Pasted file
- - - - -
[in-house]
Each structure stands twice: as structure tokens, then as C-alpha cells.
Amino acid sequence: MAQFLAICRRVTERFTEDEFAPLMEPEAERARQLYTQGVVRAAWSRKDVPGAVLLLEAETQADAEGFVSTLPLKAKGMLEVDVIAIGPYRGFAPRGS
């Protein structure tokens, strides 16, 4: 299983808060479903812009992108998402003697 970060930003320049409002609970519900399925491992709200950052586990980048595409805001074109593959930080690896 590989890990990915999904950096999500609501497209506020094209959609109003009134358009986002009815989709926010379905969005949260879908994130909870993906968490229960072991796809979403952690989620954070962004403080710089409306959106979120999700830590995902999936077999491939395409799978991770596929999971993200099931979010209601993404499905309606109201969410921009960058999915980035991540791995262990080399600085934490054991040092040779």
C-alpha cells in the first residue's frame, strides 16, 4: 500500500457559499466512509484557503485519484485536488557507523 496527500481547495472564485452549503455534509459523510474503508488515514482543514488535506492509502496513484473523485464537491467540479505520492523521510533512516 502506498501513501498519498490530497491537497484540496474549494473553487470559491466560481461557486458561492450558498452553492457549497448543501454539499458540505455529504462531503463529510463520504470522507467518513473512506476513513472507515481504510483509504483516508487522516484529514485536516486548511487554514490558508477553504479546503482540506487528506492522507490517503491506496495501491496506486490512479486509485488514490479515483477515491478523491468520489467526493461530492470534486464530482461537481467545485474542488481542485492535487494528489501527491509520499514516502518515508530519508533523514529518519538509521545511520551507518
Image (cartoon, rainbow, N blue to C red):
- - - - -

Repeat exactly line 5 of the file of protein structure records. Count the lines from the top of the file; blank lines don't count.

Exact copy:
C-alpha cells in the first residue's frame, strides 16, 4: 500500500457559499466512509484557503485519484485536488557507523 496527500481547495472564485452549503455534509459523510474503508488515514482543514488535506492509502496513484473523485464537491467540479505520492523521510533512516 502506498501513501498519498490530497491537497484540496474549494473553487470559491466560481461557486458561492450558498452553492457549497448543501454539499458540505455529504462531503463529510463520504470522507467518513473512506476513513472507515481504510483509504483516508487522516484529514485536516486548511487554514490558508477553504479546503482540506487528506492522507490517503491506496495501491496506486490512479486509485488514490479515483477515491478523491468520489467526493461530492470534486464530482461537481467545485474542488481542485492535487494528489501527491509520499514516502518515508530519508533523514529518519538509521545511520551507518